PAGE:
Wednesday, March 1, 2023

A brief description of The Geographies of African American Short Stories

By Kenton Rambsy

The Geographies of African American Short Stories explains how the Big 7— Charles Chesnutt, Zora Neale Hurston, Richard Wright, Ralph Ellison, James Baldwin, Toni Cade Bambara, and Alice Walker— and other selected writers such as Edward P. Jones, Rudolph Fisher, Amiri Baraka, and Henry Dumas made character depictions and culturally discrete settings consequential to the production of short fiction.

The production of their stories was facilitated by anthology editors. Consequently, this book is not a comprehensive study, but instead takes into account how the most frequently republished stories by the Big 7 plotted a diverse range of characters across multiple locations—small towns, a famous metropolis, city sidewalks, a rural wooded area, apartment buildings, a pond, a general store, a prison, and more.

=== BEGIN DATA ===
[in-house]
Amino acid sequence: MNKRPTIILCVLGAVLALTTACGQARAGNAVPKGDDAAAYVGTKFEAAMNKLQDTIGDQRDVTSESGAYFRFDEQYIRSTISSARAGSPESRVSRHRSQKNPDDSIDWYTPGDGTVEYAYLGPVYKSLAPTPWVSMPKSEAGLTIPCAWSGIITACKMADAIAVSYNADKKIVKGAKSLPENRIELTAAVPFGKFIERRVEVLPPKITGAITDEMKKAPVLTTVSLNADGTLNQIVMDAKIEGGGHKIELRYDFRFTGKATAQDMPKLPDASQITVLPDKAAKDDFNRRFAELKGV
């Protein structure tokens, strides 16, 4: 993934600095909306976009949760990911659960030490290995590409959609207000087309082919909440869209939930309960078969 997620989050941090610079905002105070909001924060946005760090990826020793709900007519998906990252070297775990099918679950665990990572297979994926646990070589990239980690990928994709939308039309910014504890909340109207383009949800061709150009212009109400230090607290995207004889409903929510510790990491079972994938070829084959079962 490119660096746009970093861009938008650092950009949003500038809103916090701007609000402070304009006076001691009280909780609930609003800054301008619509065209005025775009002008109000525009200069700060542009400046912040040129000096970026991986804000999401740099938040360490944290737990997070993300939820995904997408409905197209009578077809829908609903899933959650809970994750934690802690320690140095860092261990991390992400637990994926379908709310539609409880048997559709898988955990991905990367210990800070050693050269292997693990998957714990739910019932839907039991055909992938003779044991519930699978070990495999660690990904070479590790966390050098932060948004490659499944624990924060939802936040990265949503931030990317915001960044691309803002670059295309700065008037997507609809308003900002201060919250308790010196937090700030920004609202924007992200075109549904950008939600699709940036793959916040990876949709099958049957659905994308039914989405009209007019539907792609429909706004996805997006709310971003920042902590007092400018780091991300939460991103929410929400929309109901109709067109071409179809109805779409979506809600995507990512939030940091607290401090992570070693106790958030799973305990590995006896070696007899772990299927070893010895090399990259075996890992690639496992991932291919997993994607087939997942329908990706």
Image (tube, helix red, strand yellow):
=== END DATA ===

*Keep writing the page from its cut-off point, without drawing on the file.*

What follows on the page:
My book highlights how Black short story writers are also cultural cartographers. They crucially orchestrate relatively short narratives about the interplay between characters and settings. 


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